Univeg has launched a new brand aimed at retail customers looking to achieve additional sales in the fresh produce department via the exotic fruit and vegetable category, Eurofruit can reveal.
Soul Fruit, which is being applied to products sourced from existing suppliers, has been trialled in a small number of Rewe supermarkets in Germany over the past few months and will be rolled out to a number of European markets in due course, with Univeg preparing to offer the brand under exclusive license to one retailer per country.
In Germany, where the supplier is working with Rewe to develop Soul Fruit, the range is expected to evolve from a mainly exotic fruit line – including items such as avocados, limes and mangoes – to become a label for exotic fruit, vegetables and even cooking ingredients such as chillies, lemongrass and ginger.
The next likely market for Soul Fruit is the Netherlands, suggests Tamara Landzaat, sales manager at Univeg Trade Benelux, which is co-ordinating the brand’s commercial development.
“Slowly but surely we’re taking this to other markets,” she explains. “We see very good potential in the exotics category. With the right communication, we believe Soul Fruit can go a long way. it’s a young brand, but not too young. It has a certain rhythm, a certain engagement with consumers.
“I see it above all as a brand that will move produce through a retail department throughout the year, because different products will come in at different times. That seasonality makes it a particularly dynamic brand.”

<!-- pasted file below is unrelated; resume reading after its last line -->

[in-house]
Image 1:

By providing shoppers with plenty of information, Univeg is aiming to create more regular demand for items that might otherwise tend to be overlooked in stores.
In particular, the company wants to tell consumers about the products’ provenance, supplier, quality, availability, taste and potential use. To that end, a new educational website is currently in development.
“In northern Europe, most exotic fresh produce is relatively high in price compared with the more conventional lines and so it requires the consumer to take a certain step and buy it, especially if they don’t know the product itself,” says Landzaat. “By using a brand like Soul Fruit to make it appear more accessible, we’re aiming to make it a bit easier for consumers.”
When it comes to expanding into other markets, she adds, Soul Fruit’s success will depend in part on the kind of demand and preferences seen in each individual country. “For example, German demand can be very different to other markets. We will talk to our sister companies and ask them what they think the demand will be like where they are.”